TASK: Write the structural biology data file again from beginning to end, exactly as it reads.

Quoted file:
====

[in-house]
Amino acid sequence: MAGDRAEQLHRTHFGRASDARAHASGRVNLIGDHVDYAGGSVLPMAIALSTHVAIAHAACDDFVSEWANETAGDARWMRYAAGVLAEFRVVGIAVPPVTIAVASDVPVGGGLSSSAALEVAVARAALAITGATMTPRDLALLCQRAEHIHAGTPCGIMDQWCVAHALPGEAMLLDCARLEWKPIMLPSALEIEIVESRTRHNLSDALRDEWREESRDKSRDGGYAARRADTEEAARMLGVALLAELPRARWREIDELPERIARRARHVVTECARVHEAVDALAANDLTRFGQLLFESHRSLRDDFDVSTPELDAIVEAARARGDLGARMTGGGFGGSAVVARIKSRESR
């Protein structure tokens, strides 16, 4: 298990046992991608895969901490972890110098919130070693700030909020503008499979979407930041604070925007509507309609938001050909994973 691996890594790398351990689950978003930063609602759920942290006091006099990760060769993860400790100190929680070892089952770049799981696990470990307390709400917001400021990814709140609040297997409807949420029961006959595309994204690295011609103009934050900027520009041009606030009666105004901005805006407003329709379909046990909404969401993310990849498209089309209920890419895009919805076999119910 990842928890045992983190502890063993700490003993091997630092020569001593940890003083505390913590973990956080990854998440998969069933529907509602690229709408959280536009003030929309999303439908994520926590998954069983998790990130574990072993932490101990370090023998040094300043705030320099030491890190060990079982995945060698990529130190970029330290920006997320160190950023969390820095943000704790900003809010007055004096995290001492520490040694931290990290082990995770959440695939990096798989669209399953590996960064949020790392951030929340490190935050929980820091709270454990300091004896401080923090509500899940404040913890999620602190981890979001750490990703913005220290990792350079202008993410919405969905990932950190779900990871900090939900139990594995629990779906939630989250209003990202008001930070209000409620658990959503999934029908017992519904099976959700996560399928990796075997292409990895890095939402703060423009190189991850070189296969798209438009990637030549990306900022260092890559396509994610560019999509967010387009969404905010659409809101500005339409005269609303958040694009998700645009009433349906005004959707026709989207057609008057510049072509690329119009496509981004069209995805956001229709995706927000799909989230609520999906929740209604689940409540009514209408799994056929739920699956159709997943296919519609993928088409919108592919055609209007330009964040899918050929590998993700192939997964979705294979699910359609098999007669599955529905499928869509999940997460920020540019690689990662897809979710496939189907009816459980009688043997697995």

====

[in-house]
Amino acid sequence: MAGDRAEQLHRTHFGRASDARAHASGRVNLIGDHVDYAGGSVLPMAIALSTHVAIAHAACDDFVSEWANETAGDARWMRYAAGVLAEFRVVGIAVPPVTIAVASDVPVGGGLSSSAALEVAVARAALAITGATMTPRDLALLCQRAEHIHAGTPCGIMDQWCVAHALPGEAMLLDCARLEWKPIMLPSALEIEIVESRTRHNLSDALRDEWREESRDKSRDGGYAARRADTEEAARMLGVALLAELPRARWREIDELPERIARRARHVVTECARVHEAVDALAANDLTRFGQLLFESHRSLRDDFDVSTPELDAIVEAARARGDLGARMTGGGFGGSAVVARIKSRESR
């Protein structure tokens, strides 16, 4: 298990046992991608895969901490972890110098919130070693700030909020503008499979979407930041604070925007509507309609938001050909994973 691996890594790398351990689950978003930063609602759920942290006091006099990760060769993860400790100190929680070892089952770049799981696990470990307390709400917001400021990814709140609040297997409807949420029961006959595309994204690295011609103009934050900027520009041009606030009666105004901005805006407003329709379909046990909404969401993310990849498209089309209920890419895009919805076999119910 990842928890045992983190502890063993700490003993091997630092020569001593940890003083505390913590973990956080990854998440998969069933529907509602690229709408959280536009003030929309999303439908994520926590998954069983998790990130574990072993932490101990370090023998040094300043705030320099030491890190060990079982995945060698990529130190970029330290920006997320160190950023969390820095943000704790900003809010007055004096995290001492520490040694931290990290082990995770959440695939990096798989669209399953590996960064949020790392951030929340490190935050929980820091709270454990300091004896401080923090509500899940404040913890999620602190981890979001750490990703913005220290990792350079202008993410919405969905990932950190779900990871900090939900139990594995629990779906939630989250209003990202008001930070209000409620658990959503999934029908017992519904099976959700996560399928990796075997292409990895890095939402703060423009190189991850070189296969798209438009990637030549990306900022260092890559396509994610560019999509967010387009969404905010659409809101500005339409005269609303958040694009998700645009009433349906005004959707026709989207057609008057510049072509690329119009496509981004069209995805956001229709995706927000799909989230609520999906929740209604689940409540009514209408799994056929739920699956159709997943296919519609993928088409919108592919055609209007330009964040899918050929590998993700192939997964979705294979699910359609098999007669599955529905499928869509999940997460920020540019690689990662897809979710496939189907009816459980009688043997697995």